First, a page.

Thursday, April 18, 2024

National ID system to be rolled out in March 2019: PSA

The government, through the Philippine Statistics Authority (PSA), said it will start implementing the national identification (ID) system in March next year.

PSA head Lisa Grace Bersales told reporters on Friday, October 5, said they will start enrolling citizens who do not have any government-issued ID, including the poor who are beneficiaries of the Pantawid Pamilyang Pilipino Program (4Ps), indigenous people, persons with disabilities, and senior citizens.

She said the PSA will publish the implementing rules and regulations (IRR) of the Philippine Identification System (PhilSys) Act on Saturday, October 6. Some sectors, however, have objected to the seeming haste by which the IRR was crafted in order for the government to implement the law.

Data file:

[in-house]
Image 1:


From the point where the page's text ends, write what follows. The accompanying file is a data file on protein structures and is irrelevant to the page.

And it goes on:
The PhilSys Act, or Republic Act No. 11055, creates a central identification platform for all citizens and resident foreigners in the Philippines. The PSA is the primary implementing agency.

Bersales said the agency will announce the opening of bid procurement for the national ID system by the third week of October. “We will publish the technical specifications. We hope that by December, we will already be able to finish the procurement,” she added.

Bersales noted they will conduct a competitive bidding process for procurement. “If we do competitive bidding, we will be able to manage our timeline of procuring the system and awarding it before the year ends,” she said.

Under the law, the Philippine lD will contain the registrant’s biometric information, along with seven demographic data such as full name, sex, date of birth, place of birth, blood type, address, nationality, and three optional information specifically marital status, mobile number, and email address.

The PhilSys Act requires this personal information be kept in a resilient data system to ensure that the people’s right to privacy, confidentiality and other basic rights, such as those guaranteed by the Data Privacy Act of 2012, are upheld. — Leslie Gatpolintan (PNA)


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